Sandy Rikoon has a lot on his proverbial plate. His work is hard to pigeonhole, except to say that, in general, it’s grounded in concern over both people and the environment. Since his academic discipline in rural sociology lives “at the intersection of basic and applied research,” it is the pursuit of “seamless connections” between his research, teaching, and outreach activities that drives Rikoon’s work.
Interviewees tell about how they are working to further their disciplines with their contributions.
Only after encountering problems do many state and federal agencies call upon the expertise of social scientists for help, and Rikoon wishes they would ask for help while they set up a project—rather than afterward—to make sure the process fits with local norms.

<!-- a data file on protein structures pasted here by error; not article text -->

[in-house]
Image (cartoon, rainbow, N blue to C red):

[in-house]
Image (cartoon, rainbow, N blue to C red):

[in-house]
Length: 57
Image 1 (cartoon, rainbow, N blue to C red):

Rikoon, who received a Kemper Award for Teaching Excellence in 2002, and was named Curators Distinguished Teaching Professor in 2008, teaches a number of graduate-level courses in the areas of environmental sociology, the sociology of agriculture and natural resources, and political ecology, as well as an undergraduate course titled Population and the Environment.
Rikoon’s most recent book, Is Globalization Overpowering Democracy?, is the culmination of fifteen years of research with people in the Czech Republic in Eastern Europe, in particular the Czech Academy of Sciences and the Institute for Biological and Ecological Systems.
Folklorist, sociologist, and environmentalist, Sandy Rikoon runs the environmental sociology program in the Department of Rural Sociology, where he teaches graduate courses in environmental sociology, advises students, and does research in the area of environmental sociology.